For the ACE model to gain traction and create lasting change, district leaders, school leaders, and teachers of ACE districts should commit to three years of implementing the components of ACE with fidelity. This provides time for the systems and school culture to take root and continue to grow, even when the financial supports are removed.
The three-year commitment is a commitment of the district to the school (for stipends, extra positions, additional resources) and a three-year commitment from leaders and teachers to the district that they will stay at that school. A school can be an ACE school longer than three years if needed for performance reasons.
At the end of three years, some staff transitions are inevitable. Some staff may be promoted to leadership positions within the district and some may choose to join a new ACE campus. In order to sustain ACE, districts and school campuses should aim to keep the following resources and systems in place:
LESSONS LEARNEDAs the first wave of ACE campuses are finishing their three-year commitment, a few lessons are emerging:
- Identify and conduct “stay” conversations with teachers to understand teachers’ interest and ability to stay the course at an ACE Campus
- Identify positions that can be funded with a stipend to continue best practices of ACE model
- Communicate with parents/community about what the transition will mean for the school and, in particular, how the following will be impacted: after school, extra hour, transportation, dinner service, uniform assistance, etc.
Districts have a few options to sustain the ACE financial supports of the first three years.
The most common exercises for identifying resources are:
Another option is to explore a change in governance. In Ft. Worth, the ACE campuses or Leadership Academies are currently going through the SB 1882 process to become in-district charters that will be run by Texas Wesleyan University. This shift in governance allows these campuses to sustain their levels of funding.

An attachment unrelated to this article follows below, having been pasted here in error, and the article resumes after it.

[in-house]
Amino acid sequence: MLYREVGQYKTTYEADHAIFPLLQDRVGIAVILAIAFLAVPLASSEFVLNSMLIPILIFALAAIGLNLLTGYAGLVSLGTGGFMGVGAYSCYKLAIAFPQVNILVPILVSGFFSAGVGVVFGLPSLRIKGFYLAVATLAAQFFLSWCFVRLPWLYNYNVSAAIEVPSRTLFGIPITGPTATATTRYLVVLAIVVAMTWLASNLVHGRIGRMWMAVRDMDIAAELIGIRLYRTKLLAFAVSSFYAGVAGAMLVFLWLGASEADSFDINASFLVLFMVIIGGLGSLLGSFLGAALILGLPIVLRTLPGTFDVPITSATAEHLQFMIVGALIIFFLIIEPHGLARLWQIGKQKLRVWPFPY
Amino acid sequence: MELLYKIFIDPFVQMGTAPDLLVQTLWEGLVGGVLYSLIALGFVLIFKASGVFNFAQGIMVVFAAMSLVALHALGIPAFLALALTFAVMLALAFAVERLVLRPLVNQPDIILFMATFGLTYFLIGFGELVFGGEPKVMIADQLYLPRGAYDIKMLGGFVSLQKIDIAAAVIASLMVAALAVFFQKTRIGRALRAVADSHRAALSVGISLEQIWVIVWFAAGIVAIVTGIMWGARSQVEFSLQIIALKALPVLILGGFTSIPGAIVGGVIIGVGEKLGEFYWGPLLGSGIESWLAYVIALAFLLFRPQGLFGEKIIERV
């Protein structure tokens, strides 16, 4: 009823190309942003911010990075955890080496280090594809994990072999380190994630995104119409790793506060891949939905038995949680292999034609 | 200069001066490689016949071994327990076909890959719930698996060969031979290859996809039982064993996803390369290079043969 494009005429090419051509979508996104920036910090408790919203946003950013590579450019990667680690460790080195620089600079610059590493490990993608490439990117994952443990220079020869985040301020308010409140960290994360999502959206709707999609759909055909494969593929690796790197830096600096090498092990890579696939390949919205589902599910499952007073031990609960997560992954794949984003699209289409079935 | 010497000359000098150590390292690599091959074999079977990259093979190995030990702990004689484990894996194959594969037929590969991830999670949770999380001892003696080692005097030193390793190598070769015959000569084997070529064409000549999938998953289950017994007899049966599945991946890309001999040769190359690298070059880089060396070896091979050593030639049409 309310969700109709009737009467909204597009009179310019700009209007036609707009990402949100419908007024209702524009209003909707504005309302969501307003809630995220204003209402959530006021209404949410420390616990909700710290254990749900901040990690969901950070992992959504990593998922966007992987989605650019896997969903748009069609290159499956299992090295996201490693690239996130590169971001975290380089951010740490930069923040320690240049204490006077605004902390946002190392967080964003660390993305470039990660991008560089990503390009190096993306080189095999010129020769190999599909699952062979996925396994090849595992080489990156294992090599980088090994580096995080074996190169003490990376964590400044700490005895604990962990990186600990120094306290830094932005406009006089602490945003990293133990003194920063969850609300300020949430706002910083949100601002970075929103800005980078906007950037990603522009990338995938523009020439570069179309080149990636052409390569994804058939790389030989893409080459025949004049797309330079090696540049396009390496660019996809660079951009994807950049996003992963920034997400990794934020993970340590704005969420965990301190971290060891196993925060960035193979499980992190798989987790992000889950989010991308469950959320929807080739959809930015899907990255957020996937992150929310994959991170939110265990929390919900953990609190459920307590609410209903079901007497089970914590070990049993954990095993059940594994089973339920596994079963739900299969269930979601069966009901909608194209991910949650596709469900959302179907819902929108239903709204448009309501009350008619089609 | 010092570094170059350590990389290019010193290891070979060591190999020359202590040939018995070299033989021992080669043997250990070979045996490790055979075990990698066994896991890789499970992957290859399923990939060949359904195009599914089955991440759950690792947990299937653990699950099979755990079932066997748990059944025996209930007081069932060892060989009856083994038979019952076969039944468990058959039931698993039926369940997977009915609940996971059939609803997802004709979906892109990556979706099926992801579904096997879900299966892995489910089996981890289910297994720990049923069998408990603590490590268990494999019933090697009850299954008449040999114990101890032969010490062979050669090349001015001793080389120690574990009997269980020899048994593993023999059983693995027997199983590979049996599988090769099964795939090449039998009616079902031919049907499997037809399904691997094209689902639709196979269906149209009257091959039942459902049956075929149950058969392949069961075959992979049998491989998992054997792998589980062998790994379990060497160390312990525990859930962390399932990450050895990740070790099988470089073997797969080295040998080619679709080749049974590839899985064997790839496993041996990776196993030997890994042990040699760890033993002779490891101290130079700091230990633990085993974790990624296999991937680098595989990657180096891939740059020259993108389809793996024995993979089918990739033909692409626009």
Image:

Transitioning from a Middle School ACE model, as opposed to an Elementary ACE model, can require more intensive supports. For an elementary school, the new students coming in are Pre-K or Kindergarten students, and only about 15% of the school is new each year. For those grade levels – the expectations, the culture, the systems are all new – the students don’t have a previous notion from a prior school of how things are done, therefore, it is easier for them to adapt to the culture and performance expectations of the school.
But for middle school, the new students coming in are 6th grades, and they represent a third of the school that is “new to ACE” each year. This group of students has experienced other schools – often with failing systems, failing cultures, and without high expectations. These students often require more support to understand and embrace the culture, systems and expectations of an ACE school.
As schools transition off of ACE and have lost some of the resources, Dallas ISD leaders reflect that the critical strategy for sustaining the work, particularly in middle schools, is building the capacity of teacher leaders. Teacher leaders support the principal in leading the school and developing teachers so that teachers are equipped to support new and existing students thrive socially, emotionally and academically.